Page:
The extreme ‘left' line, which would plague the young Party for years, was represented by Liu Jen-chung and Chuang Kuo-tao. They had gobbled theory at the expense of common sense and realism, considered the 'dictatorship of the proletariat' the immediate aim of the organisation, opposed all legal forms of struggle. They advocated a 'closed door policy'; that is no united front with any other party, the creation of a sectarian, rigid, dogmatic small group relying entirely on 'the Chinese proletariat' and rejecting everyone else. They denounced Sun Yatsen and his party, now renamed the Kuomingtang or Nationalist Party, as 'criminal' and 'counter-revolutionary', Pao Hui-seng also supported these views. (...)
No record of what Mao really said then has come to us. All we know for certain is that he supported neither of these two lines, was inclined to a united front policy, and from the start earned the animosity of Chang Kuo-tao. (...)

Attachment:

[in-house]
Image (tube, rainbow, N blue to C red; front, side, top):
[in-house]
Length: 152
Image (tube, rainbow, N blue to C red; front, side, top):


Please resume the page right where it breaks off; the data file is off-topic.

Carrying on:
After another several days of dispute, the extreme left line predicated by Chang Kuo-tao gained the upper hand. The resolution adopted was against collaboration with Sun Yatsen's Kuomingtang and for a closed door policy, to keep membership 'secret and pure'. Yet the Comintern, in its Second Congress in 1920, had stated that alliance between Communist parties and 'revolutionary bourgeois parties' (a term under which Sun's party figured) in a common front against imperialism was the keynote of the struggle to come. This was Lenin's thesis, repeated at the Third Congress of the Comintern in June-July 1921. At this Third Congress a thirty-seven-member Chinese delegation, including both incipient Communists and Kuomingtang representatives, was present; a 'temporary and vigilant' alliance with the Chinese bourgeoisie had been suggested; Lenin's words of 1912 calling Sun Yatsen's party 'revolutionary although a bourgeois party' were recalled. But the young Chinese Communist Party in its First Congress voted against it, though the vote was not overwhelming.